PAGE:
You go through these stages of guilt and paranoia. You don't want to let them out of your sight and you feel bad that you had no control over what happened to them. Oh… and you’re angry. So very angry. Angry at yourself, at the situation, and the all the hurt that the bad stuff caused. Being a parent is going to be one of the toughest gigs you will ever have. Yes, you have your joys, but damn the heartache. That’s the kicker right there. Especially when that heartache was caused by something that was beyond your control.  When bad stuff happens to our kids, we become this bear like protector, full of rage and anger, ready to strike at anyone who dares to cross our paths and mess with our children. Sadly, most of us who are caretakers of those with special needs know all too well what it means to go into bear mode.

Our children, regardless of their diagnosis or the severity of it, for the most part are resilient. The ability to bounce back from bad stuff is remarkable. While they process things differently than us adults, there is still that element of hurt and not understanding why things happen the way they do. So when you have a child who experiences something like emotions differently than the average person, it is hard for that understanding of something to be acknowledged or processed. When bad stuff happens, it is going to involved a different type of healing, a different approach for them to come to terms with what has happened. Emotions and memories that may be blocked can come out with certain behaviors. These behaviors aren't always understood by either the child themselves, the people around them, or both. Sometimes for us caregivers it is hard to have a conversation about something that is uncomfortable with a person that doesn't understand what happened in the first place. They don't understand why the hurt is there, because they don't quite get the emotion behind those feelings.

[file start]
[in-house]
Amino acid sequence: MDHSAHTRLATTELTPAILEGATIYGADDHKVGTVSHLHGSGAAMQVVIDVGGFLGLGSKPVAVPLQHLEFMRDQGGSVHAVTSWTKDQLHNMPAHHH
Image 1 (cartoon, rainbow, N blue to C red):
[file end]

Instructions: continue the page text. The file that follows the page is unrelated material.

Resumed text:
In the past couple of week things on a personal scale, as well as an outside world scale, have prompted this post. In the news as of late where a severely autistic man’s therapist was shot right in front of him begs the question of “How do our children or loved ones with special needs cope with having trauma in their lives?” As we will always wonder how our loved ones’ process things anyway when trauma or bad stuff happens. We worry about the lasting effects of it on our loved ones, as they have little to no understanding of what has taken place. Fear might be the only recognizable response. Something in that traumatic event might trigger a behavior that is misunderstood. Sometimes a person doesn’t know how to handle it properly, even special needs persons handles trauma differently. Even the word “Trauma” is scary to anyone and a word that no one likes to hear. Especially a parent or caregiver.

Hearing the words “Trauma” in regards to your own children is one of the worst things a parent can hear. Doesn’t matter what kind of trauma is being talked about; emotional or physical , the word alone will make you sick to your stomach. It is a nightmare that no parent wants to live. You try to be a good parent and do everything you think is right and think that nothing bad will happen to you… until it does.

Many of you know that I write from personal experience. I write in hopes that my stories will help others who might be in the same boat as I am. For this particular subject I never thought in a million years that I would have to deal with any sort of trauma in regards to my children on a personal level. I can’t get into too much detail, but the last couple of weeks have been especially hard to muddle through. I thought that parenting special needs children normally was hard, but there is nothing harder than trying to get your children through trauma they have experienced themselves. We are used to a lot of things in this family; bullying, name calling, and a whole lot of ignorance. We have weathered every storm that has hit us, bunkered down and carried on. This storm though… this storm to date is our worst. This was our Katrina or Sandy. We are still at the ‘trying to rebuild’ stage of our lives. In time I will be able to expand, but for now it is what it is. The calm after this storm is the support through it all. We are all about being healthy inside and out. Maintaining communication and having open dialog when it’s needed. I want to believe that this storm will not have lasting effects on my children, but only time will tell.

If something has happened to yourself or your loved one Seek Help. Even if you don’t think your loved one will understand, there are psychologists that are trained to help those with cognitive disabilities with trauma. Any kind of trauma. As it is the special needs kiddos are the ones who are taken advantage of more often than not for the simple fact they just don’t understand, but they have these feelings they need help navigating through. Just because they might have a different reaction to trauma than the rest of us doesn’t mean they haven’t experienced it.

We take one day at time. Some days are good and some aren’t. I know in the end, we have the strength to keep moving forward, even if it is just putting one foot in front of the other, one step at a time.